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Mexico9 June 2008

Editor survives murder attempt as a severed head is left as threat to another editor

Reporters Without Borders today called for light to be shed on a murder attempt against Aristeo Abundis Hernández, editor of the weekly Frente y Vuelta, in Panuco, Veracruz state in eastern Mexico who was shot at as he was driving home.

The worldwide press freedom organisation also condemned a threat against the daily El Correo de Tabasco and its editor Juan Padilla Herrera in which a severed human head - a typical drug-gang warning - was left in front of the newspaper’s offices in Villahermosa, in the south-east on 7 June.

Abundis Hernández, aged 40, was returning home on the evening of 30 May, when a red Cutlass-type car with two men inside drove alongside him. One of the two men opened fire on him twice but he escaped unharmed as the bullets lodged in a door and a tyre.

The editor accelerated away from the scene to his home where two security guards have been protecting his family at his request for the past two months.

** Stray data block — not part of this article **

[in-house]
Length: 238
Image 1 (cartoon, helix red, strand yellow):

“The costal area of eastern Mexico is infamous for its many forms of smuggling and is as dangerous for the local press as the border area with the United States. This targeted murder attempt and severed head bear all the hallmarks of organised crime in which this region is mired”, Reporters Without Borders said.

“Never has cooperation been more needed between the federal and state justice systems to come to grips with this scourge.”

Abundis Hernández said the shooting attack was the third against him since the start of the year. Twice in restaurants, in March and April, he was threatened by two armed and hooded individuals. “The first time a man threatened me and tried to shoot at me, the second time two unidentified man struck me and injured my hand,” he told Reporters Without Borders.

He added that he believed the latest attack could be linked to his work, in particular recent reporting on a case of embezzlement of federal funds.

In a threat to the editor of El Correo de Tabasco, Juan Padilla Herrera, a severed human head was left in front of the paper’s premises along with a message threatening the editor. The head was that of a man of around 40 whose body had earlier been found in another part of the city, along with written threats addressed to anyone who spoke about the case.

El Correo de Tabasco had recently carried reports exposing smuggling of illegal immigrants and kidnappings in the region.



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